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Anthropogenic land use within watersheds has substantial effects on aquatic habitats and biological communities. From September 2006 to December 2008, we investigated the effects of land use on benthic macroinvertebrate communities by comparing Song Stream and Odae Stream, two adjacent mountain streams in Korea whose watersheds have different land use patterns. Song Stream is significantly disturbed by agricultural activities in the watershed, whereas Odae Stream is relatively undisturbed and is surrounded by a well-conserved forest area. Song Stream had significantly higher levels of all nutrients and sediment-related factors due to the adjacent agricultural area. As a result, Song Stream had markedly lower species community indices, such as taxa richness and abundance. In Song Stream, macroinvertebrate scrapers and predators were most adversely affected, whereas collector-gatherers became a dominant group. Based on correlation and multivariate analyses, total dissolved solids had the strongest negative relationship with macroinvertebrate assemblages, followed by electrical conductivity, total nitrogen, and pH. The proportion of cobble in stream substrate was positively related to the richness and abundance of macroinvertebrates. Our results indicate that disturbances caused by agricultural land use, particularly sand deposition, had significant adverse effects on macroinvertebrate habitats and on the biotic integrity of benthic macroinvertebrate communities.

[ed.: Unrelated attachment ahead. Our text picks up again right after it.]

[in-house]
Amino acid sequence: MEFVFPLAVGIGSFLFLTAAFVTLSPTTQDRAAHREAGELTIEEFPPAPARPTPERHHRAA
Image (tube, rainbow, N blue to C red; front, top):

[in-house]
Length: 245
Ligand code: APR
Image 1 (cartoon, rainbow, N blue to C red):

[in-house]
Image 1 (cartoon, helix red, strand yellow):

Benthic macroinvertebrates are considered as a representative taxon that indicates the ecological status of freshwater ecosystems. Numerous indices derived from community data have been proposed to estimate either biological water quality or ecosystem health. In this study, metrics based on benthic macroinvertebrates at the family level were screened using ecological informatics to provide a multi-metric measurement that would be suitable for presenting ecological integrity across different levels of environmental impact. Benthic macroinvertebrates were collected at a total of 720 sample sites from river basins and streams in Korea in 2009. Based on four categories of community status (i.e., diversity, richness, tolerance, and composition), 37 metrics were selected as initial candidates according to the literature. The candidate metrics were evaluated according to parameters including discriminatory power, redundancy, and responsiveness to stressors. Self-organizing map was utilized to assist the screening procedure by providing ordination, clustering, and visualization of metric and environmental data. Six metrics were finally selected as a multi-metric and were compared with conventional indicators for presenting the ecological integrity of streams.
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